Monday, December 29, 2014


We woke to blue skies this morning, what beautiful sight!  It's still cold, but at least it's not raining.

Our plan for the day was to visit the Musee des Arts Forain in Bercy in the southeast outskirts of Paris. The Arts Forain is a private museum housing Jean-Paul Favand's collection of circus, carnival and fair objects dating from the mid 1800 to the mid 1900's.  It's usually open by reservation and private tour only, but for the week after Christmas it's open to the public.  

We purposely waited until a weekday, thinking it wouldn't be quite so crowded.  It really wasn't too bad, we only waited in line for about half an hour.   It was great fun, and well worth the wait.

The Metro'd to the Cour de St. Emilion stop. After walking through the  Bercy Village entrance we stopped to check our trusty map to make sure we were walking the right direction.  A very nice young French woman asked if we needed directions. As usual, we are finding the "locals" to be very friendly and helpful.  She walked with us across the street and showed us the way to go.  We looked up and spotted a sign with arrows pointing the way--duuuhhhh.  We are so seriously directionally impaired sometimes!

The museum (and nearby shopping area) are housed in the old wine cellars and warehouse used by regional wine producers in the late 1800's until the 1900's.  
The entrance and courtyard area were nicely decorated for Christmas:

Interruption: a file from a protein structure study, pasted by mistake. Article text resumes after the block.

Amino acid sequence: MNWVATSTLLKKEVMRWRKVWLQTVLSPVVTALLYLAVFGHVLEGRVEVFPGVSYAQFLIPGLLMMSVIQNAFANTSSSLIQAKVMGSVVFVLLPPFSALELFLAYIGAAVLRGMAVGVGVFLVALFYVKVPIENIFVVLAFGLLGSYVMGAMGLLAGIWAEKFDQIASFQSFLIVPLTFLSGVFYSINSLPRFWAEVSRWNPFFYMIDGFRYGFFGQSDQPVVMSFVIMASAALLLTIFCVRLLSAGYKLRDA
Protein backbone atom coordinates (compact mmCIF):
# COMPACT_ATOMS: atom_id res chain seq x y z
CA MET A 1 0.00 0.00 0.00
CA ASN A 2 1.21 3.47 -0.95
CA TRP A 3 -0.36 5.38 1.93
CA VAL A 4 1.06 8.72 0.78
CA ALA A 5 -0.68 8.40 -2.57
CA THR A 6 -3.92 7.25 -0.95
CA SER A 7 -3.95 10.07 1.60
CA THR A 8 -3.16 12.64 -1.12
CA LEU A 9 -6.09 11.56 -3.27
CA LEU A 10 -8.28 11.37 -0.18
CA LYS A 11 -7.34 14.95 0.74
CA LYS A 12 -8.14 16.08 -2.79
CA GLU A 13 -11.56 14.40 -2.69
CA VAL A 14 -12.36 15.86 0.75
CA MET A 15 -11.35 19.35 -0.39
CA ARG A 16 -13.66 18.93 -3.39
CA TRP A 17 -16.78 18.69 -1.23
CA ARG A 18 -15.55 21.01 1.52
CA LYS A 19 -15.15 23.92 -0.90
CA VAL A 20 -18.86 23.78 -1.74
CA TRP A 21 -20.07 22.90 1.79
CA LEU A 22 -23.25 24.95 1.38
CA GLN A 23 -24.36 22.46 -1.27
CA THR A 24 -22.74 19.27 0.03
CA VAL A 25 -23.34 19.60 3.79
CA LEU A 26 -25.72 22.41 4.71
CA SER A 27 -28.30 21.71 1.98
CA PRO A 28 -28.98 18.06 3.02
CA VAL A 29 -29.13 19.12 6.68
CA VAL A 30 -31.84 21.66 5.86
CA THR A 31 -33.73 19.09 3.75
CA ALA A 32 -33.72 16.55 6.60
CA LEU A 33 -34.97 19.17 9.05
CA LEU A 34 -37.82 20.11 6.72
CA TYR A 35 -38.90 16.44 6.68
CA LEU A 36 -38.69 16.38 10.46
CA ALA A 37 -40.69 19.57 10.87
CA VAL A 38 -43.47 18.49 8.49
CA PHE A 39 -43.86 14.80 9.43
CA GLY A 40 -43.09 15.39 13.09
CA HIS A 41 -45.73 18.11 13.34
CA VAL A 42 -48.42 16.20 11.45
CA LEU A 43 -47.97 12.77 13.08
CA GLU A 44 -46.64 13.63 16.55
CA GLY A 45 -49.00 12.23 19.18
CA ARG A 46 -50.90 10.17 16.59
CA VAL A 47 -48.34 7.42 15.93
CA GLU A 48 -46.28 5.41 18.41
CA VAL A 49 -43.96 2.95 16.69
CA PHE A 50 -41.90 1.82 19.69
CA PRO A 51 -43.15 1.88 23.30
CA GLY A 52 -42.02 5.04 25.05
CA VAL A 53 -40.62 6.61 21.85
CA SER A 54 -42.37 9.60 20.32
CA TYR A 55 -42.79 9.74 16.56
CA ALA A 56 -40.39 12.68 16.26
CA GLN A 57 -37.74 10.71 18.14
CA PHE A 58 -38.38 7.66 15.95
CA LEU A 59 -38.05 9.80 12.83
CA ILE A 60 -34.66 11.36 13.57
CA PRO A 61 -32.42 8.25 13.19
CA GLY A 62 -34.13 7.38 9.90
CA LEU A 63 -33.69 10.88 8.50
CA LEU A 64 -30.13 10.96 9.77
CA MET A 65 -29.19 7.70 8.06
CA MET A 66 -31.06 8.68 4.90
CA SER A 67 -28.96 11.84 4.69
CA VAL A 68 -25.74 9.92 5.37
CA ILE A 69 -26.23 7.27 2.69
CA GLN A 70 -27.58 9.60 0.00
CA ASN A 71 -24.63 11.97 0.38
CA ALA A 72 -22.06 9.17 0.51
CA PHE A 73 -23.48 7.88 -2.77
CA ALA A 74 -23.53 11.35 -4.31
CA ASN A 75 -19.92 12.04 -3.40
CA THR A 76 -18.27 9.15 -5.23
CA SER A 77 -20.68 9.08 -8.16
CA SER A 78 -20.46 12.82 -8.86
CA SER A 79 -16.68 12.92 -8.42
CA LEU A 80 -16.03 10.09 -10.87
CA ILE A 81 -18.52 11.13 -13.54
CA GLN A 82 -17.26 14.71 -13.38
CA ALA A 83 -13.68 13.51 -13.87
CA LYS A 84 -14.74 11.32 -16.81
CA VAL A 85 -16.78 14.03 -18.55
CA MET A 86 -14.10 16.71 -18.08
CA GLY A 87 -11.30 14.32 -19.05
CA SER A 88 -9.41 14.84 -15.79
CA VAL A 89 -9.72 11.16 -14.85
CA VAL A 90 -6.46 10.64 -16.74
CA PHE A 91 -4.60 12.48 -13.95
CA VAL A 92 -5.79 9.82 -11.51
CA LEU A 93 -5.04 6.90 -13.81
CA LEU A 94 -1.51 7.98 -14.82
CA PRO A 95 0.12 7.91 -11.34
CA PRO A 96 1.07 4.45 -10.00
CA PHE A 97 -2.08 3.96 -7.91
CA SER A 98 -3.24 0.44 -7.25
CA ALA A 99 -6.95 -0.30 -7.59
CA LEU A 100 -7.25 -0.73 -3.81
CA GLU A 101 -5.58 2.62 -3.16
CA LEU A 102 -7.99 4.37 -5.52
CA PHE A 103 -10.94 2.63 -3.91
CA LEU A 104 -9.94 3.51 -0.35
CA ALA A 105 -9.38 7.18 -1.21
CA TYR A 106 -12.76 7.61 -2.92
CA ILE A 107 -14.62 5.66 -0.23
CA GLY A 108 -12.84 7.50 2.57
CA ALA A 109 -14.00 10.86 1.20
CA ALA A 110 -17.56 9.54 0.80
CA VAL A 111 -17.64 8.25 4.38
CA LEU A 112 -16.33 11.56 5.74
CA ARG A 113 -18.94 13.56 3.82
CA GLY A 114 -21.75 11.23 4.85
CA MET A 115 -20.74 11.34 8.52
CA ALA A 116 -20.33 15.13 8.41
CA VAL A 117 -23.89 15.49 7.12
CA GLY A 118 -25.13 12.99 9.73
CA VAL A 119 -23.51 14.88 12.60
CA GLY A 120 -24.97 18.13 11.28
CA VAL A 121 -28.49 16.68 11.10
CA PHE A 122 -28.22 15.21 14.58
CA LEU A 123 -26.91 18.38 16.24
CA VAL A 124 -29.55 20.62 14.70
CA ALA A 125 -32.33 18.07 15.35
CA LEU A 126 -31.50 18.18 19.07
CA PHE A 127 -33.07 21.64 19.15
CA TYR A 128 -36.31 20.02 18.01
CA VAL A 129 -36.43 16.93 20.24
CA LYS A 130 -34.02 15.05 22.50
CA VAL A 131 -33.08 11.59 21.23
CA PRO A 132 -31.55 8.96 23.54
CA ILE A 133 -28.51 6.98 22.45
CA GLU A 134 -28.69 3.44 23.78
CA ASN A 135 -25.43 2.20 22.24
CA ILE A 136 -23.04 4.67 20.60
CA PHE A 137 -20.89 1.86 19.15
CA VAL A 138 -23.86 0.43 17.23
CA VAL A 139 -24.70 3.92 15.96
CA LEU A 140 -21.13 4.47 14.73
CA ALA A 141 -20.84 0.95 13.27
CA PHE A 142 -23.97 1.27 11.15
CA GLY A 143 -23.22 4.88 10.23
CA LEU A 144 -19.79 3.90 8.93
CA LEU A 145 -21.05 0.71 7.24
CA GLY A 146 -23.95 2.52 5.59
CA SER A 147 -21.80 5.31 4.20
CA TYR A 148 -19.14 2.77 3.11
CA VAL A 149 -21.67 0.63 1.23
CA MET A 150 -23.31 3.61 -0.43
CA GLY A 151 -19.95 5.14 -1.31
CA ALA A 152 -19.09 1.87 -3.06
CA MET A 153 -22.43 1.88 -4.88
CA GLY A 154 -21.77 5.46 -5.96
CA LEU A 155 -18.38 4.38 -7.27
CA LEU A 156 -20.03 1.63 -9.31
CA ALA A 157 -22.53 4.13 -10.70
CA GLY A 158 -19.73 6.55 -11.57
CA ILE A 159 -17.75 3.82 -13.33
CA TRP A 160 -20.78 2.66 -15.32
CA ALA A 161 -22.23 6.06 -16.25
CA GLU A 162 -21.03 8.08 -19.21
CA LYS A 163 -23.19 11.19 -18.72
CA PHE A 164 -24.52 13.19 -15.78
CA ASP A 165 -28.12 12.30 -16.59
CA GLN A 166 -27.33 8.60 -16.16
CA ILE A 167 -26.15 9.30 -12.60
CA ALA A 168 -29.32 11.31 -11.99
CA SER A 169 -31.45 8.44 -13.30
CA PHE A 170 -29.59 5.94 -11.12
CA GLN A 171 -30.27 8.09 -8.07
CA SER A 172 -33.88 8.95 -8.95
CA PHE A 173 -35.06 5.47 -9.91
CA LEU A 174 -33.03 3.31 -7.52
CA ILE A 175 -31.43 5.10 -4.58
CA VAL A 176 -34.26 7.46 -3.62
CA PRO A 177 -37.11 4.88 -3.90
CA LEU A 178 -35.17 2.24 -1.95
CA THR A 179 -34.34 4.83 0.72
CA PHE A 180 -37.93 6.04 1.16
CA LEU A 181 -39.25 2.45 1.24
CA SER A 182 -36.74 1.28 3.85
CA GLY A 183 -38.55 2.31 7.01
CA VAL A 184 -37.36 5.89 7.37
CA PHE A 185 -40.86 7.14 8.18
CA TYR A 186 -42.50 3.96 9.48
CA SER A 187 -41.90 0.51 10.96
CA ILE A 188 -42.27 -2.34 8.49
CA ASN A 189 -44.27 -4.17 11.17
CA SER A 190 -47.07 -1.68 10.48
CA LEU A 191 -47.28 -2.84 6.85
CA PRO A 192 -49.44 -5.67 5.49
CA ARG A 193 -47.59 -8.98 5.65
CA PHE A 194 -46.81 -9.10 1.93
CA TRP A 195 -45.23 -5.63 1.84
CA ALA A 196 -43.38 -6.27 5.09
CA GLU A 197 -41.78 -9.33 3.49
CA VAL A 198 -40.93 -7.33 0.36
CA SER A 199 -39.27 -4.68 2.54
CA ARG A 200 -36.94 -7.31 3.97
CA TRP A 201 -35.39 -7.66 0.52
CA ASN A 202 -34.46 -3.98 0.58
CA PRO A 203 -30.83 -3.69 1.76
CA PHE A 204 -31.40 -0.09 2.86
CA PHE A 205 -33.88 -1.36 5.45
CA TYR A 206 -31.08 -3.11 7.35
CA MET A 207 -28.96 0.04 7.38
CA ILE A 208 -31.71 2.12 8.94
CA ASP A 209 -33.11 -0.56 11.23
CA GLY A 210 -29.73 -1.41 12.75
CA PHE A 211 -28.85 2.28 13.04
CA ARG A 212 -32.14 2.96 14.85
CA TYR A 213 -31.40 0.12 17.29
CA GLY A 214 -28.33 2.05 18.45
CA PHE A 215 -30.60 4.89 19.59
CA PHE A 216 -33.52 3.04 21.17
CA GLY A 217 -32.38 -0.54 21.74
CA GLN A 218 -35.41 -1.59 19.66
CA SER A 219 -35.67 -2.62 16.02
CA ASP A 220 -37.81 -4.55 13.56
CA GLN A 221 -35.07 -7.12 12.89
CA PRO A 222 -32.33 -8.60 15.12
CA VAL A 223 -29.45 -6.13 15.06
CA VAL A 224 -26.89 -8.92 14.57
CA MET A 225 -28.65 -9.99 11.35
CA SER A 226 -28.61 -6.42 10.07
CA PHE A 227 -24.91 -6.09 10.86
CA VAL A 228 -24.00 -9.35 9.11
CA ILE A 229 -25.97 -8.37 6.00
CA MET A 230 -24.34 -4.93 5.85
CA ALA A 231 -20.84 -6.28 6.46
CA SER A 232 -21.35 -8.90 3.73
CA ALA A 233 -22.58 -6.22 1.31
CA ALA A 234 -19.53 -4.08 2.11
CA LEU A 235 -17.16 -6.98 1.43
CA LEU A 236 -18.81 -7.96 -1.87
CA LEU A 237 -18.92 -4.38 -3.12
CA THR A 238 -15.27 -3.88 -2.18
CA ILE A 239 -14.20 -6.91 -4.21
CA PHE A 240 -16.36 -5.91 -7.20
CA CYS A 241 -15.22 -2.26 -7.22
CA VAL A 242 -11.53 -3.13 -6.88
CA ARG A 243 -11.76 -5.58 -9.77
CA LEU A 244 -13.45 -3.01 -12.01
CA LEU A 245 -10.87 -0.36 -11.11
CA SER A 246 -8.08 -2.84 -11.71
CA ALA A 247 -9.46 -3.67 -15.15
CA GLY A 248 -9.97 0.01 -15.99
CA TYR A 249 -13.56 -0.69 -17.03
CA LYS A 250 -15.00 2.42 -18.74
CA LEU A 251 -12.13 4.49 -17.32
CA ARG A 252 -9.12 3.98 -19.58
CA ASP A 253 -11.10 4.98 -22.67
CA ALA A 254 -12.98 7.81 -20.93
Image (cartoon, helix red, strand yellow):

While we were waiting in line to buy our tickets (12E each) this fun young "Santa's helper/elf" stood next to me and started a fun conversation in a silly, squeaky elf-like voice.  He asked where we were from, and when I said Alaska--he squealed with delight and called over his friend Rudolph.  He excitedly explained to Rudolph that we were from the North Pole--it was silly and fun!  I asked if I could take his picture--of course he agreed, but only if he was in it!

While we were standing in line I spotted this huge old fortune teller's hand.   I am pretty sure it was meant to come home with me and join my collection of "hands", but David refused to steal it for me--darn!

Finally, we had our tickets and joined the big crowds inside.  It was crazy crowded, mostly families with kids in tow--and they were all having a great time.

Many of the attractions and games were operating today, and for a small token, visitors could play a game or ride one of the rides.  According to their website, there are 14 amusement rides, 16 original fair stalls, and countless other vintage works and attractions.  I think we saw them all!

There were old time carnival games to play---

A rifle shooting game, complete with funny targets.  Wish this one would have been open--I'd have taken a turn for sure.  They call me "Dead Eye Di", you know!

A silly Parisian waiter race--lots of cheering going on here:

A bean bag toss game--I like their funny painted faces:

There was a display of pretty painted tambourines, this fair stall was beautifully painted and detailed:

Everywhere we looked, from floor to ceiling, there were fanciful circus animals and fair figures and "props"

These looked like a fore-runner to our modern "foos-ball"

This was my favorite ride--an old time bicycle race.  One could spend a token and take a spin--but I couldn't talk David into it.  We were very surprised at how fast it turned--they were really whizzing right around that track:

All this fun and games made us feel like kids again--here we are, letting our (not so) inner children out to play:

We walked out to the courtyard area, where we found vin chaud and onion soup cooking in big cauldrons over an open fire.